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Private Foundations Try Nibbling at Crime

As a trainee at Boston City Hospital, Deborah Prothrow-Stith was always reacting to crimes: binding limbs and treating wounds. She wasn't in a position to stop violence before it happened.

That has all changed now. Today, she is a leading figure in a burgeoning violence-prevention movement - one that has brought inventive new partners into the crime-fighting fray.

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Increasingly, private foundations previously interested mainly in public health have branched out to buttress law enforcement. "People have realized that preventing crime and lowering crime are not only the jobs of the police," says John Calhoun, director of the National Crime Prevention Council in Washington.

For Dr. Prothrow-Stith, the change came about one night in the Boston hospital. She had just finished treating a gunshot victim when the young man told her not to go to bed, because he was going to send the boy who shot him to the hospital next.

"It struck me then," she says, "that we didn't have a violence-prevention protocol. Stitching people up and sending them out again without taking any responsibility just didn't seem consistent with everything I'd been taught."

Prothrow-Stith has since been a major player in bringing the Harvard School of Public Health in Boston into violence prevention. This school, as well as other prominent foundations like the Carnegie corporation have helped bring a new focus to violence prevention. The result: A whirlwind of small-scale projects has sprung up nationwide. Largely because of private funding, these programs are able to take bigger risks than their government-funded counterparts, says Christopher Stone, director of the Vera Institute of Justice in New York.

In Santa Barbara, Calif., the Pro-Youth Coalition is teaching parents how to get involved in keeping their 10 to 14 year-olds from choosing a life of crime. In New Haven, Conn., the SAFE Haven program is one of the country's only violence-prevention projects to be organized and led by youths.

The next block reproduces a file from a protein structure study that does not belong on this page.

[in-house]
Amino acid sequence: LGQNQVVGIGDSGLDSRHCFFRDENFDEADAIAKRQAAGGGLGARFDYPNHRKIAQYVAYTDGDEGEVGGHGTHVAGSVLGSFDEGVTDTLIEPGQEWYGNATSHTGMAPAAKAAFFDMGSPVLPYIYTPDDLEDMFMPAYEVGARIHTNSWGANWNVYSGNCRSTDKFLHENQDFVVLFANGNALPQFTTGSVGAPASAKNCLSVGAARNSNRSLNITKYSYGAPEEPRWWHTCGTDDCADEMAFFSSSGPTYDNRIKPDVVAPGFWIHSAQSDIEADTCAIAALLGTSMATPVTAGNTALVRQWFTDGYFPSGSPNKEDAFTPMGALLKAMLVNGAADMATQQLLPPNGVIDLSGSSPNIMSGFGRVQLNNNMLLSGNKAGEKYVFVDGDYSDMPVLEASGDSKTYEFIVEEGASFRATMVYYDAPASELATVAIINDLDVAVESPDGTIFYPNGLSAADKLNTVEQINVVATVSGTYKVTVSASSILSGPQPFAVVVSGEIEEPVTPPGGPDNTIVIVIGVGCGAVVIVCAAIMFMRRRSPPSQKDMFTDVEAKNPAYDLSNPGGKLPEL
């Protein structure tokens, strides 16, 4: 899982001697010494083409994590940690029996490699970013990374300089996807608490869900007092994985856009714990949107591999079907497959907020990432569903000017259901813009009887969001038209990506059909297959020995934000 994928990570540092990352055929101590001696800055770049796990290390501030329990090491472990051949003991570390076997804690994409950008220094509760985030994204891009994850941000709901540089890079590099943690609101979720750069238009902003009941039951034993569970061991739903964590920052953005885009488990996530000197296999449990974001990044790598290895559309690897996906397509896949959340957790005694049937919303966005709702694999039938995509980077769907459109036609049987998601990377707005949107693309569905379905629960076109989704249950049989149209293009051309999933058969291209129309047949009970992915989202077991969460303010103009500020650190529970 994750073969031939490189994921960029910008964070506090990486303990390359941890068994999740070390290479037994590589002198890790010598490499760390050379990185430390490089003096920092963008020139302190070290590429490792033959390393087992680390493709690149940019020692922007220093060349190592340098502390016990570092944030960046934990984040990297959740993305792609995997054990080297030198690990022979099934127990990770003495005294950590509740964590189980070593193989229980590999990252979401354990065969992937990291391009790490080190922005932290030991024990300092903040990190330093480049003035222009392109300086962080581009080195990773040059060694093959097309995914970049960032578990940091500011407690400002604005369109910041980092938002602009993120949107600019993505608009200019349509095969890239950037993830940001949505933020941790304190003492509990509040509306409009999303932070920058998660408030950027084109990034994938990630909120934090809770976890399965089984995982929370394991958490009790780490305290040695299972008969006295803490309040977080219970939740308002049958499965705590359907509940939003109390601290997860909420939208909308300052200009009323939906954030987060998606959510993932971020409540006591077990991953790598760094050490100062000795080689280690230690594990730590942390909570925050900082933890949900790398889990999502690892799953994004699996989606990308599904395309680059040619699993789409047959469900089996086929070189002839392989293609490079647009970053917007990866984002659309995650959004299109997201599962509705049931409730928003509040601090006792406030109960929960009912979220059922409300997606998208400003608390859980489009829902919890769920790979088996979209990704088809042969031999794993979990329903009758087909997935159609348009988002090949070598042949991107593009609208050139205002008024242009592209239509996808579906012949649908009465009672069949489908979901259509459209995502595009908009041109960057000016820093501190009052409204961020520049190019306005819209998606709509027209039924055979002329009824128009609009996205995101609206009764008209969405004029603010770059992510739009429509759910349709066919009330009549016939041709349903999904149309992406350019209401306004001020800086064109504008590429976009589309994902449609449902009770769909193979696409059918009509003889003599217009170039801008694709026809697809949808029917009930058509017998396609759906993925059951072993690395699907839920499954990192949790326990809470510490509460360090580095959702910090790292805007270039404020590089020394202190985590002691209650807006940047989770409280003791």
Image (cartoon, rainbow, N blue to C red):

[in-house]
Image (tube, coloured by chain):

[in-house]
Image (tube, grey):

Only a few years ago, programs like these would have likely never made it off the drawing board. But today, the programs have given groups the ability to experiment and try untested violence-prevention theories.

The growth of these innovative programs has been paralleled by a similar growth in donations. Money given to crime, justice, and legal services grew by nearly $30,000 between 1993 and 1994, according to the Foundation Center, a New York-based group that tracks philanthropic giving.

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But the institutions that have become involved overwhelmingly say they did so simply because there was an urgent need. Luba Lynch got her wake-up call when Headstart teachers began asking her foundation to help them deal with grieving children. Ms. Lynch, the director of the A.L. Mailman Family Foundation in White Plains, N.Y., says the requests were troubling.

"In some communities violence had become a part of daily life," she says. "We realized we had to do something that was different from our regular grantmaking."

In addition to funding the Headstart program for teachers, Lynch decided to try something bigger than her small foundation could take on. So she and David Nee - then with the Ittleson Foundation in New York - began talking with grantmakers they knew in New York and California. Lynch says those foundations were experiencing the same problem - crime was getting in the way of their work. Eventually, 160 foundations came together for a conference on the subject. Out of that 1994 gathering came the National Funding Collaborative on Violence Prevention.

One of the most striking examples of organizations crossing over to curb violence, the National Funding Collaborative on Violence Prevention comprises 20 private funders and two federal agencies. It is providing financial and administrative help to 11 locally based projects from Michigan to California - including the Pro-Youth Coalition and SAFE Haven. "I see us as being a part of many different voices and many different efforts that have in recent years tried to do something about violence," Lynch says. "The value is in having each initiative grow up on its own."

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